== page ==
Was raised Presbyterian and my grandparents were the every Sunday type, but my mother and her two siblings certainly weren't. At best they were the "Went some Sundays" sort, but as part of the third generation, I became an atheist at an early age of 14 due to a combination of one, the church and its questionable teachings being questioned by my common sense; and two, my brain surgery sealing the deal on the whole deity question.
The first part is just as obvious as it sounds. We, as children, would have to go to Sunday school as the adults went and enjoyed coffee and cookies. They would always have some almost infantile arts and crafts activity to attempt to relay what they felt the Biblical message was in whatever the book and/or verse was that we were studying. It was primarily books like Genesis with the creation of everything and Exodus with the construction of the miraculous ark. These easily questionable ones are where I got started.
When my epilepsy began to consume my life, church had already taken a backseat (hallelujah!). Eventually, it was determined that I had to have a temporal-lobectomy performed in hopes of stopping my seizures. At the time I was taking 4650 mg of anti-epileptic medications (three separate meds) per day; and I had received about 20 EEGs, 15 MRIs, 10 CAT scans, 2 PET scans--1 that I had to fly to Toronto for before they got them here in the United States (other than at UCLA which was backed up for something like five years). None of which helped a damn bit; I was still have 1-3 seizures a month.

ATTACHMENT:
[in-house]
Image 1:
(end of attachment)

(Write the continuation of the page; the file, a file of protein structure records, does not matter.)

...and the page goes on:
So, this led my young mind to say something along the lines of "That's it God! Here's where I draw the line; either you answer the prayers, stop my seizures and I'll believe in you, or you don't answer them, I continue to have them and we're done!"
Well needless to say, I was being withdrawn off of my medication for dye testing in the PET scan while simultaneously have a direct on brain EEG, so our floating white Anglo-Saxon grandpa of the clouds didn't really do much for me. At least in terms of medicine; in terms of rationale, however, he helped me greatly in becoming an atheist.